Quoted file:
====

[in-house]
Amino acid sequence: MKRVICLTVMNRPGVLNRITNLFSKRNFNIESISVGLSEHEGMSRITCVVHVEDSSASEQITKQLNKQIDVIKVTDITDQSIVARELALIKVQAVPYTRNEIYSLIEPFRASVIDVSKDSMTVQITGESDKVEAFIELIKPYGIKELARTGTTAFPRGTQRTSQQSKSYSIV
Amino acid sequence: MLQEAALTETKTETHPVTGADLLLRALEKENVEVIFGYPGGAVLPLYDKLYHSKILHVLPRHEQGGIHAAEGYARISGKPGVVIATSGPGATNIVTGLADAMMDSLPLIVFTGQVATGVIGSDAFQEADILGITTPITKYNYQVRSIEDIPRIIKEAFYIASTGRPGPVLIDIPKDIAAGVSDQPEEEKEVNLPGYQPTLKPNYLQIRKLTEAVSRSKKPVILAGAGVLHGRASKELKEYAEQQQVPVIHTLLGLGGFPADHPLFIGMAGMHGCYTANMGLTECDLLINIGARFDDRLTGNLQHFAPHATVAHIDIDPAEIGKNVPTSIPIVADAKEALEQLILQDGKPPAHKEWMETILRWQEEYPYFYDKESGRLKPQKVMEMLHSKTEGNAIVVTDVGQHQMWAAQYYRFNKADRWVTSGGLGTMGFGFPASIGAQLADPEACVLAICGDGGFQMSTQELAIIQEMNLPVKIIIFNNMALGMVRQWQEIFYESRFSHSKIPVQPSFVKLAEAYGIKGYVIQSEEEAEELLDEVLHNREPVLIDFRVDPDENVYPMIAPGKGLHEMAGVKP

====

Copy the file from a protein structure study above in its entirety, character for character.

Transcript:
[in-house]
Amino acid sequence: MKRVICLTVMNRPGVLNRITNLFSKRNFNIESISVGLSEHEGMSRITCVVHVEDSSASEQITKQLNKQIDVIKVTDITDQSIVARELALIKVQAVPYTRNEIYSLIEPFRASVIDVSKDSMTVQITGESDKVEAFIELIKPYGIKELARTGTTAFPRGTQRTSQQSKSYSIV
Amino acid sequence: MLQEAALTETKTETHPVTGADLLLRALEKENVEVIFGYPGGAVLPLYDKLYHSKILHVLPRHEQGGIHAAEGYARISGKPGVVIATSGPGATNIVTGLADAMMDSLPLIVFTGQVATGVIGSDAFQEADILGITTPITKYNYQVRSIEDIPRIIKEAFYIASTGRPGPVLIDIPKDIAAGVSDQPEEEKEVNLPGYQPTLKPNYLQIRKLTEAVSRSKKPVILAGAGVLHGRASKELKEYAEQQQVPVIHTLLGLGGFPADHPLFIGMAGMHGCYTANMGLTECDLLINIGARFDDRLTGNLQHFAPHATVAHIDIDPAEIGKNVPTSIPIVADAKEALEQLILQDGKPPAHKEWMETILRWQEEYPYFYDKESGRLKPQKVMEMLHSKTEGNAIVVTDVGQHQMWAAQYYRFNKADRWVTSGGLGTMGFGFPASIGAQLADPEACVLAICGDGGFQMSTQELAIIQEMNLPVKIIIFNNMALGMVRQWQEIFYESRFSHSKIPVQPSFVKLAEAYGIKGYVIQSEEEAEELLDEVLHNREPVLIDFRVDPDENVYPMIAPGKGLHEMAGVKP